Reader’s Commentary Regarding the twin daughters, 21, who blame their mother for her divorce (April 7):
“I’m writing as a Multiple Birth Educator for over 38 years:
“Twins are aware of each in the womb and their mutual bond exists even before their bond with their parents.
“Multiples have a unique relationship very different than singleton siblings in the same family. They’re often dressed alike, and may even be expected to have the same interests and tastes.
“When discipling one, parents often have to face the wrath of the other who may feel a need to support and “assist” her twin.
“I suspect that from their parents’ break-up on, these girls turned to each other even more for consistency, safety, comfort and dependability. They likely spent hours over the years, sharing their feelings with each other about the circumstances of their parents’ divorce.
“Their twinship offered them continued stability and comfort that they no longer felt they had with their parents.
“I suspect that their inability “to trust the men they date” could well be related to the fact that they have each other - a tried, true and known companion.
“Blaming the men they date for the mistrust is a reflection on their comfort levels from their own “couple” arrangement.
“Blaming their mother for this mistrust rather than understanding what really caused the breakdown of their parents’ marriage, is easier than either of them having to “separate”’ from each other.
“Having strong opinions and discussions about the men they’re dating and relating them to their mother’s divorce also gives them permission to not have to separate.
“Encouraging each twin to be the individual they really are within their group, is very challenging.
“I believe these young women are very bonded to each other and that they view what would generally be natural personal growth through the veil of their mother’s marriage and divorce.”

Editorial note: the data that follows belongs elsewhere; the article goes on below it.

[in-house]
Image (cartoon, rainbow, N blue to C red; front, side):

Reader #2 – “I divorced 26 years ago when my two oldest children were six and nine. They’re now both in successful long-term relationships. One is married with a child. The other would be married if COVID hadn’t disrupted their plans.
“At age 21, my children were not looking for partners. They were focused on school and work and personal growth.
“The absence of the writer’s ex-husband may account for her daughters’ troubles. She needs to give herself a break.
Reader #3 – “Yes, the daughters need to take responsibility for their own decisions/behaviour AND I think they never actually grieved the loss of their primary family.
“Parents often try to jump to the positive in an effort to support their kids and spare them pain. But kids have to grieve some losses first.”
Ellie - The blameful daughters too-conveniently ignore their mothers’ other example of having found a second husband several years after her divorce and with whom she says she’s “very happily married.”
So, there’s more to their blaming. The above writer’s explanation of “multiples” and how they can be affected by life changes as if they’re a “couple” themselves is fascinating. But I find them even more affected by their father having moved away and raising other children with his next wife...
Yet they’re not “blaming” him for the divorce and their distrust of men. Maybe his behaviour hurts too much and they think their strong mother can take it. Time she avoided that conversation and they move on in their own lives.
FEEDBACK Regarding the woman dating a recent widower (April 8):
Reader – “Your advice was spot on: They take a break while he gets counselling and they read current books on grief e.g. It’s Okay That You’re Not Okay, by Megan Devine.
“The couple are handling their relationship from two totally different perspectives - divorce, and death of a spouse.
“Unless someone’s experienced the latter, they cannot wholly understand the suffering. The death of a spouse doesn’t end the love they shared.
“If she sees a future with him, she must recognize that his love for his wife will always be there, as will moments of grief that can arise at any moment. None of that, though, means that he cares any less for her.
“If she can accept that he’ll always still love his wife, be there when he needs a shoulder to cry on, and not feel threatened by it, there’s a good chance they’ll make it.”
Tip of the day:
Adult children of divorce who can’t “trust” choosing a life partner, need to strengthen their own goals and self-confidence about future relationships.